Nani finds himself in limbo at Old Trafford
Nani is in limbo. The Manchester United and Portugal winger reportedly tried to move to Zenit St Petersburg this summer, only to miss the transfer window. The rumours were that his wage demands proved too grand: whatever the truth, the extravagantly gifted attacker remains at Old Trafford.
The indications are that he is none too happy to be there: and, in truth, he could not have had a less enjoyable start to the season. Picked as a starter for Man Utd’s first match – a particularly difficult game away to Everton – he struggled through, seemingly unable to make good decisions with or without the ball. Operating wide in a three-man attack, he frequently cut back infield, congesting the pitch when he should have given it breadth or conceding possession in infuriatingly casual fashion. His performance was even poor enough to draw some attention away from the indifferent contribution of Wayne Rooney and Nani’s substitution seemed as much an act of mercy as anything else.
Yet Sir Alex Ferguson is not merciful. The Scotsman has long had good cause to persist with Nani, who came to Manchester six years ago as one of the most exciting young players in Europe. Since his arrival from Sporting Lisbon – also Cristiano Ronaldo’s former club – he has won a League Cup, three Premier League titles and a Champions League trophy, the latter after converting a penalty in the final’s shootout against Chelsea. At the end of the 2010-11 season, Nani was voted Man Utd’s players’ player of the year. Now, with his career headed in an uncertain direction, it is as good a time as any to assess his achievements.
First, it should be noted that he assumed a considerable mantle with some vigour. To become a winger at Manchester United is to slip into a shirt that bears a rare pressure. Before Nani, his countryman Ronaldo had been United’s main threat from the flanks – and so good was Ronaldo that he dispelled all comparisons with David Beckham and George Best. Nani, though, was and is a different player. Ronaldo began as a winger and ended up as a forward, capable of operating in any one of four positions – wide left, wide right, No9 or No10 – across the front line. Nani is less of a quarterback than a wide receiver; more of a marauder than a Machiavelli.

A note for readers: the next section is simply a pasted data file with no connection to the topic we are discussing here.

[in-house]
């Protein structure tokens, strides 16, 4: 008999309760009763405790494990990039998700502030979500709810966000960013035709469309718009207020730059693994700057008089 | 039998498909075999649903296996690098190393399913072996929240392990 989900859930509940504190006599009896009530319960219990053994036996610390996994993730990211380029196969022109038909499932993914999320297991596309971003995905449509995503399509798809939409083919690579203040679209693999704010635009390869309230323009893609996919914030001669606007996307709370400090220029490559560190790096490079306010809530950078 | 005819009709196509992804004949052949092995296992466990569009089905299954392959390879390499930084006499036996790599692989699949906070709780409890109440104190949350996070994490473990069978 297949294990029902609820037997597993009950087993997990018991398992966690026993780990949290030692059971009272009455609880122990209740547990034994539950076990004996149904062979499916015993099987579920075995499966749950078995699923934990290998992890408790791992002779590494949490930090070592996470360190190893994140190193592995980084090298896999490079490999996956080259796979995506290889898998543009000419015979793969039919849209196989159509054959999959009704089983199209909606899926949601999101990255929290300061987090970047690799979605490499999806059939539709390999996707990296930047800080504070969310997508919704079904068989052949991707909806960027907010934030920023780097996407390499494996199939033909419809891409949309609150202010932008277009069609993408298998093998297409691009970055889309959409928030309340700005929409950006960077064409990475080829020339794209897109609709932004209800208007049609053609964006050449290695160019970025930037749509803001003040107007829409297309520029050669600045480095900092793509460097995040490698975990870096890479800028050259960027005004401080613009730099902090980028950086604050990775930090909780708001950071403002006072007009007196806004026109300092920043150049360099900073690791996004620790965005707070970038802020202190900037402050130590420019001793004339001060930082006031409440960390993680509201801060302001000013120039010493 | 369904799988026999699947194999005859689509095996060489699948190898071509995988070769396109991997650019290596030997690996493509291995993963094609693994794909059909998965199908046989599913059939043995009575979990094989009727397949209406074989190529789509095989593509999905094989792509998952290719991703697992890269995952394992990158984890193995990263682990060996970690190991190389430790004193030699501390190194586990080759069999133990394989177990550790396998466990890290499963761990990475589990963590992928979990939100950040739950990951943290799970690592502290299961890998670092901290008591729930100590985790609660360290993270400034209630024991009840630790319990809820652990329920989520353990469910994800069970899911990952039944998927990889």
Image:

This is evidenced by a brief look at their goalscoring records. In his six Premier League seasons, Ronaldo scored 84 goals in 196 games, at the rate of 0.43 goals per match: this reflected the fact that, in his last few years, the strikeforce was reconfigured around him, with Rooney and Carlos Tevez in support. Nani, meanwhile, has struck 26 times in 125 games, a rate of 0.21 goals per match.
While Nani’s goal return compares favourably with that of his fellow winger at Old Trafford, Ecuador’s Antonio Valencia (10 in 74, at 0.14 goals per match), it is in the area of playmaking that he has shown his true value. According to statistics provided by Opta, since the beginning of the 2010-11 season there have only been four players in the Premier League – Everton’s Leighton Baines, Chelsea’s Florent Malouda, Luka Modric (formerly of Tottenham, now of Real Madrid) and David Silva of Man City – who have created more chances than Nani.
However, a look at the assists table over the same period gives an indication of why Nani is not seen as irreplaceable. Though he leads the Premier League over the past two years in goals created – with 25 – he is joined in the top six by Ashley Young (18), Valencia and Robin van Persie (both with 16). In other words, if Nani leaves soon, Manchester United – especially since they have just signed Shinji Kagawa from Dortmund – will still have plenty of playmakers.
It is difficult not to feel sympathy for a player who has been vital to so many of his club’s recent successes. At the age of 25, with a year to run on his contract, he still has plenty to contribute to its cause. But the talk is that Nani has fallen foul of Ferguson’s temper – and history tells us all too well how that turns out.
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